Lotus Elan

differential mounting question

PostPost by: TomMull » Sat Aug 17, 2019 7:27 pm

earth-strap.jpg and
I decided to clean the corroded earthing strap that connects to the frame through the final drive mount and connects to the tank strap bracket and the radio aerial. It connects to one of the bolts on the brackets that hold the rubber mounts for the final drive.
The task looked simple enough but the nut underneath began to spin. I am unable to get a socket or anything else under there to hold the nut. The nut appears to have a large OD and sockets will not fit between that nut and the washer on the bottom mounting.
So my questions: Is that nut supposed to be fixed to the chassis? Is it advisable to remove the mount on one side leaving all else intact?
Above is a picture of the bolt from the boot.
Tom
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PostPost by: wotsisname » Sat Aug 17, 2019 10:19 pm

On a Spyder chassis and probably the original type, these mounts are held by two setscrews into captive nuts.
If you lower the diff or block it in place you should be able to take the middle bolt out and lift the mounting .. possibly have to drill the bolt or cut the head off. You might have to trim the shell to allow the mounting to be lifted.. hopefully you can sort it then
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PostPost by: TomMull » Sat Aug 17, 2019 11:24 pm

wotsisname wrote:On a Spyder chassis and probably the original type, these mounts are held by two setscrews into captive nuts.
If you lower the diff or block it in place you should be able to take the middle bolt out and lift the mounting .. possibly have to drill the bolt or cut the head off. You might have to trim the shell to allow the mounting to be lifted.. hopefully you can sort it then

Thanks wotsisname, makes perfect sense. Once I cut the bolt out I'll simply put a standard OD nut underneath, which I'll be able to get a socket onto, albeit with some difficulty. When I address my other chassis issues I'll put a new captive (welded) nut underneath.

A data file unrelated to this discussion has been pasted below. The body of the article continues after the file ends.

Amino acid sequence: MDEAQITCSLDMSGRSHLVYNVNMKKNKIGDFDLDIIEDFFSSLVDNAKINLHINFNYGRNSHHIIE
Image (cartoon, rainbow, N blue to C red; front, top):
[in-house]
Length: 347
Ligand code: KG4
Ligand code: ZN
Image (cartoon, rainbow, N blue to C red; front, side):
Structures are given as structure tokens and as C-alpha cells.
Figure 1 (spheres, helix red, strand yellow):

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PostPost by: TomMull » Sun Aug 18, 2019 11:48 pm

Here is the nut. The bad news is there is little that I can see that "stakes" the nut in place; the good news is that it fell right out after I drilled the head off the bolt (from the top thankfully).
It would be interesting to know how it was supposed ti be attached to the chassis.
For now I think I'll drill through it and use it as a stepped washer, which will fill the hole in the chassis, with a new standard nut underneath. That means it will be a two person project to install and remove it but no more drilling and cutting.
captive-nut.jpg and

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PostPost by: Hawksfield » Mon Aug 19, 2019 8:15 am

Hi
The nuts are spot welded on my chassis on the underside.they have never been a problem when changing diff mounts.
I you dropped the diff you could get in to weld the nut in place.

Good luck
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John

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PostPost by: TomMull » Mon Aug 19, 2019 10:24 am

Thanks John, I don't know if it is evident from the photo but mine has a "step" on it where it fits into the 1/2 inch hole in the chassis. The bolt is only 1/4 (edit: make that 5/16). I see no evidence of any type of weld or fixing of any type. Your suggestion is a good one but I've more serious chassis issues to address soon, so I'll wait until then to repair this properly.
By the way, is your chassis original?
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PostPost by: Bigbaldybloke » Mon Aug 19, 2019 9:53 pm

This photo shows the nuts on a Spyder chassis but I believe the standard one is similar. I would also comment that I don't think that is the normal place for the battery earth to be connected to, it usually connects to the rearmost body securing bolt that come through the boot floor near the battery. No reason why it shouldnt connect where you have it but its not an easy place to access if you need to.
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PostPost by: TomMull » Mon Aug 19, 2019 10:34 pm